The world is not on track to achieve the Sustainable Development Goal of zero hunger by 2030, according to the 2020 State of Food Security and Nutrition in the World (SOFI) report, released in mid-July.
This post originally appeared on IFPRI.org.
Food systems are complex and the disruptions caused by COVID-19 are varied. Global analyses of trends in food supply, trade, and prices are useful. However, as Manuel Hernandez, Soonho Kim, Brendan Rice, and Rob Vos emphasize, daily price data in multiple countries and markets are needed to provide information to identify and respond to more specific local and national shocks—and a new Food Price Tracker tool is now available to meet this demand.—John McDermott, series co-editor and Director, CGIAR Research Program on Agriculture for Nutrition and Health (A4NH).
As the COVID-19 pandemic spreads, social and economic relief measures—including fiscal stimulus and expansion of social safety nets—are crucial to prevent poverty and hunger from rising dramatically in developing countries. Rob Vos, David Laborde and Will Martin estimate this impact globally, finding that over 140 million additional people could fall into extreme poverty in 2020, including 80 million in Africa and 42 million in South Asia. Food insecurity would rise along with poverty. Without support, this global health crisis could thus cause a major poverty and food crisis.—Johan Swinnen, series co-editor and IFPRI Director General.
The organization of food supply chains (FSCs) is strongly affected by the level of economic development and factors such as urbanization and globalization. COVID-19 will thus have different impacts on FSCs in poor vs. in rich countries. Tom Reardon, Marc Bellemare and David Zilberman identify these structural differences and draw out the implications of widespread lockdowns and possible policy responses.—Johan Swinnen, series co-editor and IFPRI Director General.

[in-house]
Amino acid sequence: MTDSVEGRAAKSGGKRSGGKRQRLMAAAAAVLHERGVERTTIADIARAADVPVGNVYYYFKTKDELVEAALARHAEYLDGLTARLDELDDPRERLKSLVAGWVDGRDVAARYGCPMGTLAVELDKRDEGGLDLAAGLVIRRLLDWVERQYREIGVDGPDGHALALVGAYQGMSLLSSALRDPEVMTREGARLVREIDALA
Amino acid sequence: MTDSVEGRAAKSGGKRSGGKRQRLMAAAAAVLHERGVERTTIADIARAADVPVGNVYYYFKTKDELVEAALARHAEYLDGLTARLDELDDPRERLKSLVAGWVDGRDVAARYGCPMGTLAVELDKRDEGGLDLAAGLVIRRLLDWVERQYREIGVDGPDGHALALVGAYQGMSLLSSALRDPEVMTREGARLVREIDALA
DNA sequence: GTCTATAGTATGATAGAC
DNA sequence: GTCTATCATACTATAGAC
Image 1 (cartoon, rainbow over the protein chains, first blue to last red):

It originally appeared on Agrilinks.
The COVID-19 virus, commonly referred to as coronavirus, is spurring dramatic changes to economic, healthcare, transportation, and education systems around the world. No less important is the potential for COVID-19 to impact local and global food systems and their ability to provide safe, affordable, and nutritious food as well as sufficient incomes for people working in food and agriculture sectors. As the COVID-19 pandemic is still evolving, it is difficult to know the geographic reach and degree of impact we can expect to see across food production and distribution systems. Looking to past viruses as well as China’s handling of COVID-19, however, might help guide future responses in public policy and programming.